Real Education by Charles Murray
In no other area of American life is the gap between rhetoric and reality more pronounced or more persistent than in education. The chief reason is not hard to find. Almost from the start, Americans have entertained outsized expectations of their schools, seeing education as a magical instrument of social transformation and individual upward mobility, not to mention the single most important engine of national progress.
Horace Mann, the most visible champion of the early public-school movement, envisioned public education as “the great equalizer” of the human condition and the “creator of wealth undreamed of.” Today one sees the same fundamental faith shining through, undiminished and unchastened, whether in paeans to education as the source of necessary innovation and human capital, complaints about flat or declining test scores among high-schoolers, or jeremiads directed at “our underachieving colleges.”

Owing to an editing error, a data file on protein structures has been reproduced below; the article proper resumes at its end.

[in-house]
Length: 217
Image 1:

About the Author
Wilfred M. McClay, who holds the SunTrust Chair of Excellence in the Humanities at the University of Tennessee at Chattanooga, contributed “Is Conservatism Finished?” to the January COMMENTARY. His latest book is Figures in the Carpet: Finding the Human Person in the American Past.